: Can the business cycle be used to create predictable mutual fund outperformance?
Document Type Honors Thesis (Open Access)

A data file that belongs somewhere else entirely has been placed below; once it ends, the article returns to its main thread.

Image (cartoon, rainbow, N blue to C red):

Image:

This study attempts to determine the degree to which the state of the macroeconomy can be used to create a mutual fund investment strategy that consistently outperforms the S&P 500. By quantifying how systematic economic factors affect the relative performance of different fund strategies against the market, an informed investor can select the fund strategy that will outperform the S&P 500 given both the current and predicted states of the macroeconomy. Linear regression models were estimated for nine different fund strategies to approximate how each macroeconomic variable affects a fund's performance against the S&P 500. Monthly returns for 1,360 mutual funds over a twenty year period were collected to conduct the analysis. A complete procedure along with two separate decision rules was subsequently created to provide an investment platform derived from the regressions results. Stage one of the procedure requires an investor to forecast the future state of the macroeconomy. It is assumed that only two types of investors exist, naive or advanced, who employ different tools in accomplishing this task. In stage two, both investors place their forecasted values into the nine regressions to determine which fund strategy will yield the greatest level of outperformance. In stage three, the investor switches his entire position to a fund which invests using that strategy. To test the performance of this procedure, the decision rules were back tested both statically and in real-time over the twenty year period. The results indicate that while the mutual fund investment strategy does not provide consistent outperformance, it does yield considerable gains in the long run.